Nothing, it seems, can kill Tom’s Tavern.
Not the truck that thieves drove through the back wall earlier this winter so they could get a few free bottles of booze. Not the runaway van that took down the front wall a few years ago, killing a woman on the sidewalk on its way. Not the fire that once burned half the building. And not the death of its beloved owner.
There’s no other place in Detroit quite like Tom’s. It’s a tiny shed, a rickety shanty, an 86-year-old shack of a bar that should’ve fallen in a heap years ago. It’s one of the oldest, most legendary dives in the city, the only city around here where a place like this could exist.
“The place looks like a northern Michigan bait shop,” said Bob Erickson, 68, a regular who first walked in here 40 years ago. “And it has the virtue of continuing to exist against all odds.”
Everything here leans. The floor slopes steeply from the door because half a century ago its owner had concrete poured on the rotting oak floors and left the drinking patrons to smooth it out best as they could. The old wood bar dips downward to the left. Put a bottle on its side and it’ll roll away. The back wood cabinet behind it tilts right. The door frames are geometric puzzles.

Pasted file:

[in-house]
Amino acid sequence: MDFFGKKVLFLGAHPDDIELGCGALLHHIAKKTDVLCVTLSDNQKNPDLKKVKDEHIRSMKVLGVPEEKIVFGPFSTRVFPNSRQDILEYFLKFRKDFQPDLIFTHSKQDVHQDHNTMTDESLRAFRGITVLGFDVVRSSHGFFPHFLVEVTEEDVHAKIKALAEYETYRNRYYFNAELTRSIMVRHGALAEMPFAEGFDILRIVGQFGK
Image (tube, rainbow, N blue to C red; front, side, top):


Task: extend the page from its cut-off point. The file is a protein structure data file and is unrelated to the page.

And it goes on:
There are no plasma TVs, no karaoke, not even beers on tap. There’s only a jukebox stocked with soul and blues classics, an old piano, and some tables and chairs and bar stools that wobble. It’s cash only for everything, and hours are unpredictable.
Yet it’s always drawn a loyal, eclectic crowd that dive bars normally don’t. Professors and priests from the University of Detroit down the street. Autoworkers and auto executives, sometimes at the same table.